Joseph Schenck became a partner in United Artists in 1924 and president two years later. All of Keaton's features had been distributed through Metro or Metro-Goldwyn-Mayer, but Schenck moved him over to United Artists and gave the go-ahead for Keaton's most ambitious production, The General (1927). In his scrupulous account of Keaton's finances, Tom Dardis shows how the film, now regarded as perhaps the single greatest achievement of silent comedy, was both a critical and commercial failure in 1927. Two additional United Artists features, College (1927) and Steamboat Bill, Jr. (1928), were nearly as disappointing. Unable to continue backing the sagging Keaton production company, Schenck advised the comedian to move his operation to MGM. In later years, Keaton told Kevin Brownlow (and everyone else who asked) that this move was "the biggest mistake of my life." Here, his old unit dissolved, he was assigned a production supervisor, and MGM screenwriters dared to concoct his scripts. While the first of these films, The Cameraman (1928), was certainly up to standard, no critics today will defend the later MGM features (1929–1933) against the earlier output. (David Robinson, for example, does not even include the post-1929 titles in his Keaton filmography.) Keaton's lack of involvement is palpable, but his own personal problems, especially his growing alcoholism, must bear most of the responsibility. The chief irony, as Dardis points out, is that most of these films were highly profitable and that Keaton was for the first time earning the salary of a major star, $3,000 per peek. But as Keaton's life continued to disintegrate, his position at MGM grew impossible, and he began a long and ultimately pitiful decline.92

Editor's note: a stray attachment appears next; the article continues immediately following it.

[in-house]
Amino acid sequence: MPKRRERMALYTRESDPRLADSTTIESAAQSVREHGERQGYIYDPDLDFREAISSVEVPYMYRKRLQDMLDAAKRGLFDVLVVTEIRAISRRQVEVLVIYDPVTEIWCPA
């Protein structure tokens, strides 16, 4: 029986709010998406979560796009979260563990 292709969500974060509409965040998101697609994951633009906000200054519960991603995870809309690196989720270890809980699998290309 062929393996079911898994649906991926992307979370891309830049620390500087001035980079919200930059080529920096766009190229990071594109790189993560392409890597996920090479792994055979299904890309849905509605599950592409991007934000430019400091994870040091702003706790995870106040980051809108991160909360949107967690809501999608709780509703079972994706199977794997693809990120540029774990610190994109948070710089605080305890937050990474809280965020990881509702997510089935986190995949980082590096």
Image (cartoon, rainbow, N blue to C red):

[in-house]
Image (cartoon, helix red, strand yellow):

Happily, however, Buster Keaton became the first great screen artist to be rehabilitated through film restoration. After decades as a Hollywood ghost, he got a tumultuous reception at the 1965 Venice Film Festival that not only restored his own reputation but helped trigger a wholesale reassessment of the entire silent era, a period that had suffered as much as he had from many years of patronization and neglect.